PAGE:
“Building the Marsden Link and upgrading the NAL will likely bring this process forward. A high-quality rail connection, from Marsden Point to Auckland, is a critical pre-condition of Northport becoming an inter-regional container port.”

Northport is owned equally by Port of Tauranga and Marsden Maritime Holdings.

Aecom says that, if Northport was able to reach its 400,000-container annual capacity, the rail investment would provide a 19 percent return. Half of that benefit is from reduced road congestion in Auckland, assuming 300,000 containers are being delivered there annually by train from Northport.

Northport handled almost 11,900 containers in the six months through December.

Government coalition partner NZ First pledged an overhaul of Northland’s rail services before the 2017 election. It also mooted relocating some services from Ports of Auckland to Northport – a proposal that is being investigated separately by the Upper North Island Supply Chain study. That work is expected to be completed in September.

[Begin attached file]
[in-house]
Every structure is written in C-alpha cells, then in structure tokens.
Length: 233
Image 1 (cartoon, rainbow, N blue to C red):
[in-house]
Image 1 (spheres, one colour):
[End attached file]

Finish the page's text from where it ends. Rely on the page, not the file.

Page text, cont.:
Aecom’s formal recommendations have been redacted from the report made public at the weekend.

Regional Economic Development Minister and Northlander Shane Jones says the paper will play a big part in the government’s decision-making. He cited two recommendations most immediately relevant to him.

Aecom says land acquisition for the rail corridor to Northport should be completed and the design for the link to the port be developed in detail. Ministers should also seek detailed advice from officials and KiwiRail on how the investment can be staged over a four- to six-year period to “facilitate early access to services and to generate revenue from the investment as soon as possible,” according to a statement from Jones.

As recently as 2000, the Northland rail line shifted almost a million tonnes of freight. But the relocation of Northport from Whangarei in 2007 saw that drop to about 300,000 tonnes, Aecom says. Now it is down to 116,000 tonnes.